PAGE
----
Hurricane veterans know when a bad one's coming. It's like those who feel the barometric pressure drop of approaching storm systems in their bones. I got the vibe midweek.
So I asked my friends on the Gulf Coast, hardy survivors of Hurricane Katrina, what advice they would share with those in Hurricane Sandy's path. But I didn't want the usual flashlight, batteries, water, generator, gasoline tips. Tell them something they don't know, I asked, something that helped get you through.
Here's what they said:
• Outdoor solar lights can be brought in at night to light the indoors.
• When you make a video of your home for insurance purposes beforehand, open drawers and closets so the contents are visible.
• Have a tire plug repair kit and pliers to pull out nails or screws, since debris in the roadway causes flats and leaks that are tough to repair when everything is closed.
• Extend your cell phone battery's life by texting instead of calling and turning off Internet/Wi-Fi/Bluetooth/GPS connections.
• Bank safes and safe deposit boxes are not waterproof. During flooding, items left in them may be damaged and not accessible for weeks.
• Have thick tarps and roofing tacks in case you lose shingles from the wind.
What I didn't expect was the advice of a different nature that many added after their practical tips:
• Faith and the knowledge that no matter what, your life and the life of your family is more important than any material possession you may have.
• Keep a positive attitude and help your neighbor!
• Remember to have patience with your family, friends and neighbors. ... Work together and share your resources.
• Talk to each other. Share old stories. Some of the best relationships were made in the aftermath of Hurricane Katrina, as neighbors discovered new friends next door and grew closer helping one another through a trying time.
• Read a book.
These are heartfelt suggestions from those who know what it's like to lose everything all at once. Disaster has a way of focusing the mind and leveling the playing field. Doctors and bankers stood next to mechanics and janitors in food lines in my Gulf Coast hometown of Bay St. Louis, Mississippi, in the weeks after Hurricane Katrina.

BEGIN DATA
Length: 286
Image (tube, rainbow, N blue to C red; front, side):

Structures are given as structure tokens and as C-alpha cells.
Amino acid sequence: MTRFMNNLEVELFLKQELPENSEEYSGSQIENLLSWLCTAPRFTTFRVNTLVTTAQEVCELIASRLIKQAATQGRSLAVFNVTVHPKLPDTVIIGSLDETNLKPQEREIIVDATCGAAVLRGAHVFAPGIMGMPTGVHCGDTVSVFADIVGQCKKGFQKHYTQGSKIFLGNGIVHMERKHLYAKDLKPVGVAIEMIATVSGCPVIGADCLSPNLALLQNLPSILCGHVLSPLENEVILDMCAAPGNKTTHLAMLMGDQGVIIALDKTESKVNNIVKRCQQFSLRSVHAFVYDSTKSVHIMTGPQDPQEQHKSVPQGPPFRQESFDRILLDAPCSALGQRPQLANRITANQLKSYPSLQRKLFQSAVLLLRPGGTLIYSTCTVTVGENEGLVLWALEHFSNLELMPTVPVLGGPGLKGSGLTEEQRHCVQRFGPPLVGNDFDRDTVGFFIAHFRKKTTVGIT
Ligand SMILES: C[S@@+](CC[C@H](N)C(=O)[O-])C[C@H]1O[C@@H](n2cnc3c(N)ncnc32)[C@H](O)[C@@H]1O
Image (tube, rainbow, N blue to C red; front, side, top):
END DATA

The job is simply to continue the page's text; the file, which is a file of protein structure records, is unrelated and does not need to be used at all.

Such brutal shocks to the system are inevitable. No one can stop them, though human beings prefer to imagine we are omnipotent. We have access to virtually anything with the click of a mouse or a tap on our smartphones. We can Skype with someone on the other side of the world. We can land a rover on Mars and find proof of ancient rivers. We can do anything -- except control Mother Nature.
We don't like that, because it forces us to accept that we are vulnerable. Nations, states, cities and individuals wisely invest time and money on prevention efforts, but we can't really predict when, where and how the effects of nature at its worst will be felt.
What we can control is our reaction. And researchers report that contrary to popular myth, during disasters most people don't adopt an "every man for himself" attitude. Most react with responsibility and concern for their neighbors. I have seen it myself, over decades covering blizzards, floods, hurricanes and more.
Nearly five years after Hurricane Katrina, I was present at a remarkable discussion between the mayor of Bay St. Louis and his wife. Most of the town's homes and businesses were heavily damaged or destroyed in 2005 when the monster storm's 30-foot surge, sustained 125 mph winds and hopscotching tornadoes roared through. But the town and its people recovered.
"It was amazing. It really was," said Eddie Favre of the spirit of kindness, generosity and selflessness that prevailed in the months after the hurricane. "It would be nice to reclaim some of that patience and understanding. I wish we could go back to it."
"I feel bad saying it, but I really miss it," agreed his wife Jan. "We were all so close."
Times of disaster reveal not just our human fragility, but our strengths. It is at times like this that we learn what we are made of. People come together, share what they have and accept help from others. Suddenly differences that once seemed insurmountable turn out to be quite insignificant. The worst of times can bring out the best.